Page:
Heavy Metal

    Detecting heavy metal.
  8. Today I tried something different, trying to cherry pick only deep high tones. Had the 6 inch coil on my 800, very trashy small 100+ year old park. Set it on Park 1, noise cancel, manual GB, 5 tones with the first 3 segments set to 0 volume 1 tone the last 2 were both set to max volume and tone, set the recovery speed at 5 and 0 iron bias. My question to those that know is, am I losing depth with this kind of setting? It seemed to work well, I have been trying to figure out how to park hunt deep silver,.All the pieces in the image were only giving tone, no numbers and were all carrot deep. Suggestions?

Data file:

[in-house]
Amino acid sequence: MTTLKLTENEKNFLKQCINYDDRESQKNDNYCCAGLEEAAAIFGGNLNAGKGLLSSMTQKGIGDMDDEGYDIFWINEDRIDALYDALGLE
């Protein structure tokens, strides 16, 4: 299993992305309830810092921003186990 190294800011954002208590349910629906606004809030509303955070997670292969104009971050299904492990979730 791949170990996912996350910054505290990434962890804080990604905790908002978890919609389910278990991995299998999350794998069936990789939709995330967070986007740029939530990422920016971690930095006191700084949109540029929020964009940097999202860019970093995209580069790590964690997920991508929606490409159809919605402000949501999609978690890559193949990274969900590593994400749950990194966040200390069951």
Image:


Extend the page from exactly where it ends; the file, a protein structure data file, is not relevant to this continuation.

9. Which metal detectors have the most reliable target ID numbers? Target ID is a function of depth - the deeper the target, the more difficult it is to get a clean target ID as the ground signal interferes. Other items directly adjacent to the desired target can also cause inaccurate numbers. The more conductive the item, the higher the resulting ID number, but also the larger the item the higher the number. Silver is more conductive than gold, so a gold item will give a lower number than the same size silver item. But a very large gold item can give a higher number than a small silver item, so numbers do not identify types of metal. Gold and aluminum read the same and vary in size so to dig one you dig the other. Only mass produced items like coins produce numbers that are more or less the same over the years but a zinc penny will read lower than a copper penny due to the change in composition. In general iron or ferrous targets produce negative numbers or low numbers. Aluminum, gold, and US nickels produce mid-range numbers. And most other US coins produce high numbers. Other countries coins, like Canadian coins with ferrous content, can read all over the place. The scale applied varies according to manufacturer so the number produced by each detector will vary according to the scale used. The 0-100 range for non-ferrous targets is most common but there are others. Minelab employs a dual number system on a 2D scale with thousands of possible numbers, but they are now normalizing the results produced to conform more closely to the linear scale used by other manufacturers. Increasing ground mineralization has a huge effect on the ability to get a good target ID. Ground mineralization is nearly always from iron mineralization, and this tends to make weak targets, whether very small targets or very deep targets, misidentify. The target numbers get dragged lower, and many non-ferrous targets will eventually be identified as iron if buried deep enough. Small non-ferrous readings and iron readings actually overlap. That is why any discrimination at all is particularly risky for gold nugget hunters. If you want target ID numbers to settle down, lower sensitivity and practice consistent coil control. The target number will often vary depending on how well the target is centered and how fast the coil moves. Higher sensitivity settings lead to jumpier numbers as the detectors become less stable at higher levels. The interference from the ground signal increases and interference from outside electrical sources also increases, leading to less stable numbers. Higher frequency detectors are inherently more sensitive and are jumpier. So lean lower frequency for more solid results. Multi frequency detectors act like low frequency detectors and tend to have more solid target numbers due to the ability to analyze a target with different frequencies. Another issue is the number of target categories, or ID segments, or VDIs, or notches, or bins (all names for the same thing) that a detector offers. For instance here are the number of possible target id categories or segments each detector below offers: Fisher CZ-3D = 7 Garrett Ace 250 = 12 Minelab X-Terra 305 = 12 Minelab X-Terra 505 = 19 Minelab X-Terra 705 = 28 Minelab Equinox = 50 Fisher F75 (and many other models) = 99 White's MXT (and many other models) = 190 Minelab CTX 3030 = 1750 Fewer target categories means more possible items get lumped together under a single reading, but that the reading is more stable. Many detectors will tell you the difference between a dime and a quarter. The Fisher CZ assumes you want to dig both so puts them under one segment along with most other coins. People who use detectors with many target numbers usually just watch the numbers jump around and mentally average the results. Some high end detectors can actually do this averaging for you! But I think there is something to be said for owning a detector that simplifies things and offers less possible numbers to start with. The old Fisher CZ method still appeals to me, especially for coin detecting. So do detectors like the Garrett Ace 250 or Minelab X-Terra 505 for the same reason. The problem is that as people strive to dig deeper targets or smaller targets the numbers will always get less reliable. But if you want to have a quiet performing metal detecting with solid, reliable target numbers look more for coin type detectors running at lower frequencies under 10 kHz or at multiple frequencies and possibly consider getting a detector with fewer possible target segments. And with any detector no matter what just back that sensitivity setting off and you will get more reliable target numbers. ads by Amazon... Detectors often use tones to identify targets and often use far fewer tones than indicated by the possible visual target id numbers. The X-Terra 705 for instance can use 28 tones, one for each segment. However, most people find this too busy, and so simple tone schemes of two, three, or four tones may be selected. I think it is instructive that many people often end up ignoring screen readings and hunting by ear, using just a few tones. This ends up just being an ultra simple target id system much like the simpler units offer. Reality is that most people do not need or care about huge numbers of target numbers. For many just three ranges suffice, low tone for iron, mid tone for most gold items, and high tone for most US coins. The meter could do the same thing, but for marketing purposes more is better and so we get sold on detectors with hundreds of possible target ID numbers. Perhaps that represents a digital representation of an old analog meter with its nearly infinite range of response but the reality is we do not need that level of differentiation to make a simple dig or no dig decision. Finally, a picture often says it all. Below we have a shot of the White's M6 meter. I like it because the decal below illustrates a lot. You see the possible numerical range of -95 to 95 laid out in the middle. Over it is the simplified iron/gold/silver range. Note the slants where they overlap to indicate the readings really do overlap. Then you get the probable target icons. -95 is noted as "hot rock" because many do read there. The M6 can generate 7 tones depending on the target category. I have added red lines to the image to show where these tones sit in relation to the scale. It breaks down as follows: -95 = 57 Hz (Very Low) Hot Rock -94 to -6 = 128 Hz (Low) Iron Junk -5 to 7 = 145 Hz (Med Low) Gold Earrings, Chains - Foil 8 to 26 = 182 Hz (Medium) Women's Gold Rings/Nickel - Small Pull Tabs 27 to 49 = 259 Hz (Med Hi) Men's Gold Rings - Large Pull Tabs 50 to 70 = 411 Hz (High) Zinc Penny/Indian Head Penny - Screw Caps 71 to 95 = 900 Hz (Very High) Copper Penny/Dime/Quarter/Dollar Note that the screen reading of +14 is noted as being a nickel or ring but it can also be the "beaver tail" part of an aluminum pull tab or the aluminum ring that holds an eraser on a pencil, among other things. The best book ever written on the subject of discrimination is "Taking A Closer Look At Metal Detector Discrimination" by Robert C. Brockett. It is out of print but if you find a copy grab it, assuming the topic interests you. Always remember - when in doubt, dig it out! Your eyes are the best target ID method available.